Wednesday: Ruth Logan Herne intrigued us with her own special rendition of What Readers Want: A Non-Scientific Fut Fun Poll & Post. A copy of Refuge of the Heart goes to Paula Emmons. Congratulations, Paula!

Friday: Winnie Griggs took us on a journey of Rediscovering the Joy, something all writers need to sit back and enjoy more!

Weekend Edition

Monday:  Jan Drexler will embark on the subject of subplots. Are they really necessary? And how does a writer use them to add depth their stories? And yes, there will be a giveaway, so don't miss it!

Wednesday:  Debby Giusti will talk about Amish suspense, a sub-genre of Amish romance. Be sure to stop by to learn how the suspense stories differ from straight romance in the Amish world.

Thursday:  Kara Isaac comes to us all the way from across the world (for REAL this week) and Kara's going to do something few of us do: Talk honestly about current book sales and the effect on authors. This is not like "The Effect of Gamma Rays on Man-in-the-Moon Marigolds" ... it's a look at how the changing publishing industry is affecting the whole literary food chain, the good, the bad and the ugly. Stop by on Thursday for Kara's post and a little something something from the prize box.

Friday: Guest Dana Lynn will be with us!

Weekend Edition

Weekend Edition
Author copies arrived this week for the First Love Forever Collection, featuring Erica Vetsch's novella Prescription for Love! Though the print copies won't ship until 4/1/18, the kindle version is available now! 

Weekend Edition

On the 19th, Jan Drexler starts a week-long blog tour for her newest book, The Amish Nanny's Sweetheart. She's giving away a copy of the book, plus a $10 Amazon gift card. The blog tour is coordinated by fellow Seekers, Annie & Carrie, with JustRead Publicity Tours.

Weekend Edition

On the 21st, Erica Vetsch will be sharing five of her favorites and a giveaway of Seven Brides for Seven Texas Rangers Romance Collection at Faithfully Bookish with fellow Seeker Beth. 

See if you can spot any Seekers at Faithfully Bookish today! Beth's latest Cover Love installment features book titles and covers inspired by nature and an ebook giveaway of the complete Grace Revealed series by Jennifer Rodewald.

READERS, join the tours to celebrate the re-release of Ruthy Logan Herne's More Than a Promise with JustRead Publicity Tours. You don't even need a blog (just social media)! Sign-ups close on March 27, 2018.

Weekend Edition    Weekend Edition

We'd like to congratulate villager Kathy Bailey on her first sale, made to Pelican Book Group!! Kathy, we can't wait for your debut release!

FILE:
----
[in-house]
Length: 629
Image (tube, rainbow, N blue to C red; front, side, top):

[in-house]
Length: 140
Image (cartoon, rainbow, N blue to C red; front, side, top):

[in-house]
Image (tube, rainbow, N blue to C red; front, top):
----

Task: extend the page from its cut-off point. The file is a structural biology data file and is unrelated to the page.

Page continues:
[Villagers, please email us at the Seeker addy to let us know when you make your first sale. We'd love to announce the sale and celebrate with you!]

Weekend Edition

"Want Your Email Seen? 16 Spam Filter Rules to Avoid" from Boomerang

"Is Your Amazon Account Secure?" from Fiction University

Meaningful Marketing from Janet Kobobel Grant

3 Tips to Hook Your Reader’s Emotions from Writer Unboxed

12 Tips for the Best Writing Ever by Edie Melson, The Write Conversation
Weekend Edition

Rediscovering The Joy

Rediscovering The Joy
Hi everyone, Winnie Griggs here. 
I normally post on craft-related topics here at Seekerville, but today I'm focusing on a different aspect of the writing life. I hope you will indulge me as I do a bit of personal introspection.

As many of you know, Love Inspired is closing their historical line effective this June. And while I am sad about this for a number of reasons, I’ve also come to look at it as an opportunity of sorts.  By that I mean it has given me a writing time out, a chance to slow down and evaluate where I am in my writing career and try to figure out where I really want to go from here.

I’ve been pondering this for the past six months or so and have reached some rather surprising conclusions.  The ideas I have for new stories, the ones that excite me the most, are all contemporaries – a genre I never thought I’d want to dive fully into this way. And I’m not just talking one book, but three separate multi-book series that I just can’t wait to bring to life.

Rediscovering The Joy

While I’m having my agent shop these to traditional publishers, however, I also realized that I want to test the indie waters as well. So, as a first step to that end, I pulled out one of my earlier releases that I have reacquired the rights to. Something More was my second published book and was released by Dorchester, a secular publisher, in 2001. Dorchester no longer exists and this book was never released digitally so unless you stumble on it in a used book store you can’t find it any longer. And since I really do love this story I thought it deserved a new life.

Before I could put it up, however, I knew it would need some revision.  After all, that book was written over 17 years ago and I have hopefully learned a thing or two since then.